Its gets weirder – the human baby (Donald) and the chimpanzee baby (Gua) were both raised as humans by their biological/adopted father Winthrop Niles Kellogg.  Kellogg was a comparative psychologist fascinated by the interplay between nature and nurture, and he devised a fascinating (and questionably ethical) experiment to study it:

Suppose an anthropoid were taken into a typical human family at the day of birth and reared as a child. Suppose he were fed upon a bottle, clothed, washed, bathed, fondled, and given a characteristically human environment; that he were spoken to like the human infant from the moment of parturition; that he had an adopted human mother and an adopted human father.

First, Kellogg had to convince his pregnant wife he wasn’t crazy:

 …the enthusiasm of one of us met with so much resistance from the other that it appeared likely we could never come to an agreement upon whether or not we should even attempt such an undertaking.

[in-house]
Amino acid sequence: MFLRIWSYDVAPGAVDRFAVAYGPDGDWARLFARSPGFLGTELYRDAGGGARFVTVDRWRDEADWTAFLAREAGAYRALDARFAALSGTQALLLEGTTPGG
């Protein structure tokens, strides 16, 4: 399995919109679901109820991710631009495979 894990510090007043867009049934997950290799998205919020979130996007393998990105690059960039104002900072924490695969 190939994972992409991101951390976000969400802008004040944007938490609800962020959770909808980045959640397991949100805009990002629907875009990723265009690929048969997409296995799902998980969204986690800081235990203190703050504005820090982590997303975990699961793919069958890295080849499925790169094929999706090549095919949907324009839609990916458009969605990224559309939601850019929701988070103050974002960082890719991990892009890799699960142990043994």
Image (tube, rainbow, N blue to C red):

She apparently gave in, because Donald and Gua were raised, for nine months, as brother and sister. Much like Caesar in the “Planet of the Apes” movies, Gua developed faster than her “brother,” and often outperformed him in tasks. But she soon hit a cognitive wall, and the experiment came to an end. (Probably for the best, as Donald had begun to speak chimpanzee.)

You can read more about Kellogg’s experiment, its legacy, and public reaction to it here.

princelesscomic

micdotcom:

23 women show us their favorite positions

When reality television star and fashion blogger Lauren Conrad was asked what her “favorite position” was on a live radio program a while back, the women listening held their breath. Although we take great pride in the work that we do, most of us could relate to being undermined and belittled publicly at work. When Conrad cleverly retorted “CEO,” it was hard not to aggressively high-five our laptop and mobile devices. The words “hell” and “yeah” could be heard all across the nation.

1 in 3 women has experienced some form of sex discrimination at work | Follow micdotcom